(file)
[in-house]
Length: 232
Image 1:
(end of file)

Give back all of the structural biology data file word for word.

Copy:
[in-house]
Length: 232
Image 1: